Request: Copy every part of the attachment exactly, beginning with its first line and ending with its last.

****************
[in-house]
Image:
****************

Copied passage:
[in-house]
Image: